Page 2-The Michigan Daily- Monday, September 21, 1992
The Daily each week will provide a synopsis of how your representatives in Congress
voted on various issues.
Effort to scale - bomber fleet from 2
Sen. Carl Levin (D)
Sen. Donald Riegle (D)
Rep. William Ford (D-Ypsilanti}
Rep. Carl Pursell (R-Plymouth)
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Continued from page 1
sition to help and I want to see
them continue doing the work
they've done," said Dr. Rhett
Schiffman, a former U-M gradu-
ate student. "I'd like to give simi-
lar opportunities to people like
me in the future."
Boyles said he and his wife
ate both faithful alumni.
'It was fantastic. It
brought tears to my
- John Boles,
"We both went to Michigan as
undergraduates. We both re-
ceived a wonderful education
here and we just wanted to give
back so other students can have
the same opportunity to get the
education we did," Boyles said.
"Ann Arbor and U-M are unique
places and we want to preserve
them and let others enjoy them."
Newell said he thought U-M
alumni were all willing to support
the university for the same
"I think it's the spirit of
putting something back in the pot
after reaping the benefits of re-
ceiving an education here and
recognizing that state and federal
funds aren't there anymore to do
the job they once did," he said.
Continued from page 1
more international ramifications than
any election in French history, al-
though it did not threaten the EC
The EC continues to function and
will eliminate barriers to trade and
movement of people among the 12
nations Jan. 1.
Mitterrand, who learned earlier
this month he has prostate cancer,
said in a nationally broadcast ad-
dress, "We have just lived through
one of the most important days in
the history of our country."
He thanked treaty backers, saying
they had put France's future ahead
of partisan interests. Conservative
leaders who, like the Socialist presi-
dent, had campaigned for the treaty
said the result should not be viewed
as a mandate for Mitterrand.
"I breathed a sign of relief,"
Italian Prime Minister Giuliano
Amato said in an interview on Italian
television. "If the French electorate
hadn't voted yes, then four decades
of work probably would have fallen
to pieces with irreparable damage."
German Chancellor Helnut Kohl
said that while the approval margin
was narrow, "the French referendum
will give new impetus to the
European unification process."
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Michigan alumnus and CBS correspondent Mike Wallace speaks at the
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Continued from page 1
Most volunteers said Perot has
been an important catalyst for
bringing about the changes they de-
sire, but the organization as a whole
has not endorsed a candidate for the
Nov. 3 presidential election.
"I won't know until the day I go
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into the voting booth," Renfrew said.
"Maybe between now and then one
of the candidates will fall into line
with the philosophy of Perot and
incorporate it into his campaign."
Although UWSA members said
Perot is only considered a "spiritual
motivator," he is also responsible for
all UWSA funding.
UWSA was created July 30 when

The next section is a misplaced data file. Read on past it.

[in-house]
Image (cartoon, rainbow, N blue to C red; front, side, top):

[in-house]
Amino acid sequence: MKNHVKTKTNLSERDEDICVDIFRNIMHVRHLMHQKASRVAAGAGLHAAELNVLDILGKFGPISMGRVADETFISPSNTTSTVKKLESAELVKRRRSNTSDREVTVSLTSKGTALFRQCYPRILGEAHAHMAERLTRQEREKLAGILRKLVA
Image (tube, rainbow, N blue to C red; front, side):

Perot Petition Committec members
committed themselves to continuing
the "citizens movement" advocated
But some volunteers said there is
little cohesion to the movement
other than the underlying
"There are a lot of people here
with different agendas," Renfrew
said. "All we're here to talk about is
the preamble of the Constitution.
We're just getting out of the nest and
learning to fly.
"The important thing is that the
state organizations continue to per-
petuate the movement after Nov. 3,"
But some members did not agree
on specific goals for the future of the
organization. While some said they
envisioned the formation of a na-
tional party, others insisted that
UWSA is not a political group, but a
group of concerned citizens coming
together to help improve the system.
Harold Finegood, a volunteer
from the 15th District, took the town
hall meeting concept a step further.
He advocates passing a law to
ensure lawmaker accountability by
requiring local and state representa-
tives to meet with voters once a
month and the president to hold a
news conference every two weeks.
Speakers at the conference in-
cluded Martin Gross, author of The
Government Racket Washington
Waste from A to Z, and University of
Vermont history Prof. Wolfe
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Continued from page 1
"Four more years of Bush do-
nothing will sink this country," he
He also advocated a policy of
free and fair trade to a crowd
heavily laden with autoworkers.
"We must give businesses more
incentives, but no more tax breaks
for moving our jobs overseas,"
Clinton made a connection be-
tween the 7.5 percent decrease in
wages over the last lour years and
problems with higher education in
"You can't raise incomes unless
you have skills," he said, proposing
open doors to a college education
He said he would accomplish
this through retraining programs for
those currently employed, appren-
ticeship programs at community
colleges and student loans
repayable through public service.
"We could solve the problems of
this country and educate a
generation," Clinton said.
He brought his health care mes-
sage to the union laborers in the
crowd. "Eighty percent of strikes in
America are over health care
benefits," Clinton said.
Clinton will return to Michigan
Tuesday for a rally at Michigan
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